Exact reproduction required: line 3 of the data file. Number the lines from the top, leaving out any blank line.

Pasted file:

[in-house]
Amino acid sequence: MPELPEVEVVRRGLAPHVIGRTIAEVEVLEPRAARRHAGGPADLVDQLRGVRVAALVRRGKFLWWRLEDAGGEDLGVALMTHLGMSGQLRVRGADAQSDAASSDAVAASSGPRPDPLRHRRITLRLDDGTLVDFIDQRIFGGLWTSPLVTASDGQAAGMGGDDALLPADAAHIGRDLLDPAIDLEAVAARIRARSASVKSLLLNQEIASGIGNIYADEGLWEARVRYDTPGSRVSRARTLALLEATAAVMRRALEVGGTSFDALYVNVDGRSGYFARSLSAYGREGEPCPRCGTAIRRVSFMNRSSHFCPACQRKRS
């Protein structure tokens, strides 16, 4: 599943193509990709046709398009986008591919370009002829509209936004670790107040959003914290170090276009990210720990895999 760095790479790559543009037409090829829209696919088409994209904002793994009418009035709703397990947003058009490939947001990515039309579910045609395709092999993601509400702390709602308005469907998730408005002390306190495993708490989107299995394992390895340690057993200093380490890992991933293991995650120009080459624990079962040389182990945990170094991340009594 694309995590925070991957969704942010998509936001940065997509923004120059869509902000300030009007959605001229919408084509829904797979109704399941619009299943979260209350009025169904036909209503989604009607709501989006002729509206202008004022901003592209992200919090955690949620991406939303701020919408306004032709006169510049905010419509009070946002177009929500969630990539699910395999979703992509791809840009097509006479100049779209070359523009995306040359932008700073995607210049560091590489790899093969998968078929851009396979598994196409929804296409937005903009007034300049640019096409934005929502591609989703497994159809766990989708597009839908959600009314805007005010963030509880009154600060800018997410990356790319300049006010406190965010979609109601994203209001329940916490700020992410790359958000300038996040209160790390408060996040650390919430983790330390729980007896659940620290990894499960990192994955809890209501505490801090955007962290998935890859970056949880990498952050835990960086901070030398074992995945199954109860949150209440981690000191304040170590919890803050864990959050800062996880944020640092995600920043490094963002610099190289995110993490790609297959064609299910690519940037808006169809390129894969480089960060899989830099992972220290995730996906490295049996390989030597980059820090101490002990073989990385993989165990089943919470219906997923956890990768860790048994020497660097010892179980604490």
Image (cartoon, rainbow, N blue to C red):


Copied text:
């Protein structure tokens, strides 16, 4: 599943193509990709046709398009986008591919370009002829509209936004670790107040959003914290170090276009990210720990895999 760095790479790559543009037409090829829209696919088409994209904002793994009418009035709703397990947003058009490939947001990515039309579910045609395709092999993601509400702390709602308005469907998730408005002390306190495993708490989107299995394992390895340690057993200093380490890992991933293991995650120009080459624990079962040389182990945990170094991340009594 694309995590925070991957969704942010998509936001940065997509923004120059869509902000300030009007959605001229919408084509829904797979109704399941619009299943979260209350009025169904036909209503989604009607709501989006002729509206202008004022901003592209992200919090955690949620991406939303701020919408306004032709006169510049905010419509009070946002177009929500969630990539699910395999979703992509791809840009097509006479100049779209070359523009995306040359932008700073995607210049560091590489790899093969998968078929851009396979598994196409929804296409937005903009007034300049640019096409934005929502591609989703497994159809766990989708597009839908959600009314805007005010963030509880009154600060800018997410990356790319300049006010406190965010979609109601994203209001329940916490700020992410790359958000300038996040209160790390408060996040650390919430983790330390729980007896659940620290990894499960990192994955809890209501505490801090955007962290998935890859970056949880990498952050835990960086901070030398074992995945199954109860949150209440981690000191304040170590919890803050864990959050800062996880944020640092995600920043490094963002610099190289995110993490790609297959064609299910690519940037808006169809390129894969480089960060899989830099992972220290995730996906490295049996390989030597980059820090101490002990073989990385993989165990089943919470219906997923956890990768860790048994020497660097010892179980604490």